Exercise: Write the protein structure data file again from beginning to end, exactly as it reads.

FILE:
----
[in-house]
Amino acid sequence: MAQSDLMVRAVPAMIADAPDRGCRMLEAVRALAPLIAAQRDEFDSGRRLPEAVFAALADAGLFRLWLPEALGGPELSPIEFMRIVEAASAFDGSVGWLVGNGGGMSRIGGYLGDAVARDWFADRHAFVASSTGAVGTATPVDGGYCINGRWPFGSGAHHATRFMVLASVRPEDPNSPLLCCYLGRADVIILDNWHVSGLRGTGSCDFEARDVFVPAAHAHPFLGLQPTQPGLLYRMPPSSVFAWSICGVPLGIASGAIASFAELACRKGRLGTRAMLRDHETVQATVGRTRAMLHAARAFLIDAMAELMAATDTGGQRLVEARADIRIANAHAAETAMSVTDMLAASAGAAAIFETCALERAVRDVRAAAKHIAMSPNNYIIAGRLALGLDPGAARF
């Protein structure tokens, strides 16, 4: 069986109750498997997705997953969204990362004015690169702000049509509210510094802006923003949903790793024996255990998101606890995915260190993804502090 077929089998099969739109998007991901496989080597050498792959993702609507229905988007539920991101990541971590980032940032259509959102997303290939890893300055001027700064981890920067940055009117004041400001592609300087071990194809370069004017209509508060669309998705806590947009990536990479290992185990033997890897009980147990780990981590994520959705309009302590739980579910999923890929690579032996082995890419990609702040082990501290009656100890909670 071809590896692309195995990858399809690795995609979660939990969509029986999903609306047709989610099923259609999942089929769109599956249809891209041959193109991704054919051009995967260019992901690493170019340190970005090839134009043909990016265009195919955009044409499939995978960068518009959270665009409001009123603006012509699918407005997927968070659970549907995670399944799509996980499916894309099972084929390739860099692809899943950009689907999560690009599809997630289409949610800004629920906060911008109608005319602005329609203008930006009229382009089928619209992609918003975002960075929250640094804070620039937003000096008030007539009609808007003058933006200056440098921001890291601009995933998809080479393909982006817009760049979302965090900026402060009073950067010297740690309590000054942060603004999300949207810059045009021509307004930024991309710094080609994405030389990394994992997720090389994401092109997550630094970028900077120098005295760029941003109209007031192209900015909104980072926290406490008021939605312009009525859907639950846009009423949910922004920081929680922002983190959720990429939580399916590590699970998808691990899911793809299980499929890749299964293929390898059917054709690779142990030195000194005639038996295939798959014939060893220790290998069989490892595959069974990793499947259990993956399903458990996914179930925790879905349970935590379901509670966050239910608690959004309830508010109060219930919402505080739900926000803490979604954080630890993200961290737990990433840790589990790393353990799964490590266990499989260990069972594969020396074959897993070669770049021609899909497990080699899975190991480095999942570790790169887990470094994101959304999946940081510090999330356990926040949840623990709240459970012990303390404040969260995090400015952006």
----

[in-house]
Amino acid sequence: MAQSDLMVRAVPAMIADAPDRGCRMLEAVRALAPLIAAQRDEFDSGRRLPEAVFAALADAGLFRLWLPEALGGPELSPIEFMRIVEAASAFDGSVGWLVGNGGGMSRIGGYLGDAVARDWFADRHAFVASSTGAVGTATPVDGGYCINGRWPFGSGAHHATRFMVLASVRPEDPNSPLLCCYLGRADVIILDNWHVSGLRGTGSCDFEARDVFVPAAHAHPFLGLQPTQPGLLYRMPPSSVFAWSICGVPLGIASGAIASFAELACRKGRLGTRAMLRDHETVQATVGRTRAMLHAARAFLIDAMAELMAATDTGGQRLVEARADIRIANAHAAETAMSVTDMLAASAGAAAIFETCALERAVRDVRAAAKHIAMSPNNYIIAGRLALGLDPGAARF
């Protein structure tokens, strides 16, 4: 069986109750498997997705997953969204990362004015690169702000049509509210510094802006923003949903790793024996255990998101606890995915260190993804502090 077929089998099969739109998007991901496989080597050498792959993702609507229905988007539920991101990541971590980032940032259509959102997303290939890893300055001027700064981890920067940055009117004041400001592609300087071990194809370069004017209509508060669309998705806590947009990536990479290992185990033997890897009980147990780990981590994520959705309009302590739980579910999923890929690579032996082995890419990609702040082990501290009656100890909670 071809590896692309195995990858399809690795995609979660939990969509029986999903609306047709989610099923259609999942089929769109599956249809891209041959193109991704054919051009995967260019992901690493170019340190970005090839134009043909990016265009195919955009044409499939995978960068518009959270665009409001009123603006012509699918407005997927968070659970549907995670399944799509996980499916894309099972084929390739860099692809899943950009689907999560690009599809997630289409949610800004629920906060911008109608005319602005329609203008930006009229382009089928619209992609918003975002960075929250640094804070620039937003000096008030007539009609808007003058933006200056440098921001890291601009995933998809080479393909982006817009760049979302965090900026402060009073950067010297740690309590000054942060603004999300949207810059045009021509307004930024991309710094080609994405030389990394994992997720090389994401092109997550630094970028900077120098005295760029941003109209007031192209900015909104980072926290406490008021939605312009009525859907639950846009009423949910922004920081929680922002983190959720990429939580399916590590699970998808691990899911793809299980499929890749299964293929390898059917054709690779142990030195000194005639038996295939798959014939060893220790290998069989490892595959069974990793499947259990993956399903458990996914179930925790879905349970935590379901509670966050239910608690959004309830508010109060219930919402505080739900926000803490979604954080630890993200961290737990990433840790589990790393353990799964490590266990499989260990069972594969020396074959897993070669770049021609899909497990080699899975190991480095999942570790790169887990470094994101959304999946940081510090999330356990926040949840623990709240459970012990303390404040969260995090400015952006």